The government is also encouraging social media in a phenomenal way. It has launched a portal, called MyGov, which is an innovative platform to build partnerships between citizens and the government with the help of technology. This citizen-centric platform empowers people to connect with the government and contribute towards good governance. The portal has been more than successful in keeping citizens engaged and informed on important policy issues and governance. Today, the MyGov platform has more than 1.78 million users, who contribute their ideas through discussions and also participate in various earmarked tasks.

Another significant development initiative has been the launch of a digital identity platform called Aadhaar. It is one of the key pillars of the Digital India programme wherein each resident of the country has been provided with a unique digital identity. Aadhaar is by far the largest biometric-based identification system in the world. It is a strategic policy for bringing about social and financial inclusion, public sector delivery reforms, managing fiscal budgets, and promoting hassle-free and people-centric governance. More than a billion Indians today have a digital identity. The government is using this digital identity to grant subsidies.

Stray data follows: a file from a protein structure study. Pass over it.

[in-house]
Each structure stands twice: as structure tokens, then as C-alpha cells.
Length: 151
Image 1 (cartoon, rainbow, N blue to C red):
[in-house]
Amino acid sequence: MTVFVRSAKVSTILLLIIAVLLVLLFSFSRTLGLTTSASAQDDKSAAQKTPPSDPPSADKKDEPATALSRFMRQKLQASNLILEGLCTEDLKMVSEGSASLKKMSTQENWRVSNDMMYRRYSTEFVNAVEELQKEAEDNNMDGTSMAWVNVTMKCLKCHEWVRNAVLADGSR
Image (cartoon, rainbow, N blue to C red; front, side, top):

We foresee that all government services will be delivered to citizens on demand and in real time through online and mobile platforms. Our vision is to empower citizens through the use of technology, by making available all documents on the cloud.

“Digital transformation holds many promises to promote inclusive and sustainable growth, spur innovation, increase efficiency and bring an overall improvement in services.”

Easy and affordable access and the skills to utilise increasingly advanced technologies and devices remain the central areas of focus for the government and regulators in the area of information and com­munication technology. At a time when information is power, inequities in the access and dissemination of information is adding to the digital divide. The big question here is how to leverage the ad­van­cements in digital technology.